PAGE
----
Saturday, September 26, 2009

What has become of our American Landscape?

For years now, the vast and beautiful landscape of our country has become more and more homogenized.  Why does Maine have to look like Cincinnati?  Why is it that more places are losing their unique identities or “sense of place” and looking more and more the same?  

It started with this …

McDonald’s created the golden arches and they sprung up all across America and the world.   Look at this map showing all of the McDonalds’ locations across the United States.

You can read all about this Here

McDonalds was successful at branding itself and its image.  It wasn’t long before others followed suit. 

Hotels popped up everywhere.


Outlet Malls or “Factory Outlets” became in vogue all across the U.S.  They were nothing more than themed strip centers but they have changed the face of our suburban landscape.

Auto parts stores grew like weeds side by side along our urban and suburban roads.


Perhaps worst of all – drugstores at every intersection.  They pollute our major intersections everywhere, putting parking lots and ugly architecture front and center at so many traffic intersections across the American landscape.

Now, we have Starbucks and other drive throughs…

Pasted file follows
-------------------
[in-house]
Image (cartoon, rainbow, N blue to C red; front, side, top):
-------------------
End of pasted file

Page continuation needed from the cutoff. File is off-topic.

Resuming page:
Dunkin’ Donuts …

and Panera Bread.

New ‘mixed use’ Town Centers have recently begun their assent across the American landscape.   They have managed to combine all of these ‘upscale’ branded chains into centralized lovely “Main Street”-type settings, putting the pedestrian back on the sidewalks.

Mayfaire Town Center, Wilmington, NC

Bethesda Row, Bethesda, MD

Mercato, Naples, FL

Generally, they are large, well-designed and planned communities that combine mixed uses such as residential, commercial office space and retail shopping.   Parks, landscaping, and outdoor promenades are incorporated to tie it all together in an urban streetscape-type setting.  Hotels and corporate office buildings along with luxury townhomes and apartments and upscale “Charleston-style” single family residential neighborhoods are set in the surrounding areas.  They are all connected by tree-lined streets and sidewalks.   Large open, park-like gathering areas are mixed in to accommodate larger events such as boat shows and weekend concerts.

Finally, a setting where we are given the opportunity to live, work and recreate all within walking distance.  Maybe there is hope, at least to put Americans back on the sidewalks instead of in the car. 

However, I can’t help but lament all of this progress that has come at such great cost -- the loss of our regional sense of place or “genus loci.”  Everything looks the same.  How can we move forward and keep our unique regional spirit of place at the same time?  This is a great challenge for all designers.


  1. Hi, Pam - Thanks for stopping by my blog.

    This is an interesting subject you raise about homogenization of our cities and towns. I can see why cities find the town center mixed used developments appealing - they are attractive, walkable, etc. Kind of a sure bet for tax revenues. Yet, they all look alike. I was cruising through the photos you posted above. At first I thought that the Barnes and Noble featured was the one in Arlington. But, no, it was the one in Bethesda!